By Victoria Weisfeld
Shakespeare’s most political play—Coriolanus—is on stage at The Shakespeare Theatre of New Jersey (STNJ) in Madison, N.J., through July 24, and a stunning production it is. You cannot help but draw the rough parallels between the story of Caius Martius Coriolanus and the current U.S. political climate, though these associations result more from Shakespeare’s uncanny insights about human strengths and frailties than a precise forecasting of electoral politics, 2016.
Director Brian Crowe’s notes say the play has been various interpreted over the centuries, and that “Shakespeare does not take sides outright, and we will attempt to avoid doing so in this production as well.” There is room for people of all political views to see themselves and their foes in the play’s stirring words.
Coriolanus (played by Greg Derelian) is a military hero, and when he returns triumphant from the battle of Corioli, the Senate wants to appoint him consul, Rome’s highest office. But because of his disdainful regard for ordinary Romans, the two tribunes who represent the commoners oppose him and inflame the mobs against him. The tribunes, played to perfection by John Ahlin and Corey Tazmania (in a brilliant bit of gender-blind casting), are so convinced of the righteousness of their cause, they set in motion forces they cannot control that could lead to Rome’s destruction.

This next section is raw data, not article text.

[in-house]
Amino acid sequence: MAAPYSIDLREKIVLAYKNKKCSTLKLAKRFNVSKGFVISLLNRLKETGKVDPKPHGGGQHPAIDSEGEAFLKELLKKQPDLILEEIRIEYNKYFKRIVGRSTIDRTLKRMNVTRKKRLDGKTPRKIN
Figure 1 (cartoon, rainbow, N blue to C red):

As a result of their hectoring, Coriolanus is banished from the city and allies with his former foes, led by Tullus Aufidius (Michael Schantz), to march on the capital and seek revenge. Only at the last moment does the pleading of his wife (Amaia Arana) and, especially, his mother Volumnia (Jacqueline Antaramian) persuade him from his course. Volumnia, who has some of the play’s most powerful speeches, asserts that her son’s valor comes from her. But she is also politic, whereas Coriolanus is rigid and uncompromising.
He believes the noble patricians should rule the city by birthright (classic 1% thinking!), while the people’s tribunes say, “What is the city, but the people?”
Throughout the play the metaphor of the “body politic” appears, first formulated by patrician Menenuis Agrippa (Bruce Cromer) and mockingly referenced by Coriolanus in addressing the plebeians: “What’s the matter, you dissentious rogues, that, rubbing the poor itch of your opinion, make yourself scabs.”
Although these words were written four hundred years ago about the inhabitants of Rome some 2100 years before that, more than one departing playgoer said some version of, “Things never change.” STNJ calls it “a perfect Shakespeare play for an election year.”
It’s exciting to see a cast of some two-dozen players—all of whom appear on stage in several well choreographed scenes (director Crowe is STNJ’s Director of Education). The minimalist set is visually interesting and opens to reveal a shining Roman eagle, variously lit to dramatic effect. Kudos also to the excellent sound design.
Production credits to Dick Block (Scenic Designer), Denise Cardarelli (Production Stage Manager), Karin Graybash (Sound Designer), Andrew Hungerford (Lighting Designer), and Tristan Raines (Costume Designer), whose work pulls together beautifully to strengthen the impact of the performance.
For tickets, call the STNJ box office at 973-408-5600 or visit http://www.shakespearenj.org.